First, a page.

The autumn leaves are falling like rain. Although my neighbors are all barbarians and you, you are a thousand miles away, there are always two cups at my table.

T’ang Dynasty poem

Ten thousand flowers in spring, the moon in autumn, a cool breeze in summer, snow in winter. If your mind isn't clouded by unnecessary things, this is the best season of your life.

~ Wu-men ~


Sunday, March 24, 2019

The Struggle to Keep Martial Arts Alive

When I was young, I remember several martial arts schools either in the neighborhood or not far outside that were well established and operated for years. These days I don't see the as much. A BJJ school and a MMA gym. Anything else seems to come and go. 

Running a commercially viable martial arts school is pretty tough.

Below is an excerpt from a post that was published at Kung Fu Tea that is relevant. The full post may be read here.

This weekend has been a blur of activity. Friday evening was consumed by the first “open mat” sparring night at the Central Lightsaber Academy (which was a blast), Saturday was devoted to a day-long seminar on Sicilian knife fighting (a grimmer vision of weapons training), and about half of Sunday was spent helping out with the Autumn open-house at another martial arts school here in Ithaca. I have barely had time to upload my photos and draft out some quick field-notes.

Still, a nagging feeling emerged as I began to meditate on these very different events.  While I have not had time to fully develop these ideas, I thought that it might be helpful to write down a few of my impressions. The golden thread uniting and giving meaning to each of the activities seemed to be a “hidden” discussion on the problems of transmission and market viability within the martial arts.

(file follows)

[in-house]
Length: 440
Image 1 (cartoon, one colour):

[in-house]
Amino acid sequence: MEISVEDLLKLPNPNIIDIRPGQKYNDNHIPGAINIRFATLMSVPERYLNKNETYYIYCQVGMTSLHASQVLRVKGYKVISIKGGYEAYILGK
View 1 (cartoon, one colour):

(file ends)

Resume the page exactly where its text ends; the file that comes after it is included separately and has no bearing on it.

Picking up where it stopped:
Or maybe that is not entirely correct. The discussion happened openly in the second event.  I hope to write a fuller account of the Sicilian knife seminar led by Sifu John Crescione in a future post. But from a social scientific perspective, one of the more interesting things that came up was a debate as to whether it would really just be better to let this art die out. Granted, no one in the room thought that this was a good idea, but Sifu Crescione noted that many of the “old timers” back in Sicily who had learned and studied practical knife fighting as a family based “combative practice” saw no point in taking on students or promoting themselves within the current revival of the Italian martial arts. For them, knife fighting was a direct response to a violent environment and teaching strangers better ways to kill each other was not a wise course of action.  If a changing world no longer required these skills, so much the better.

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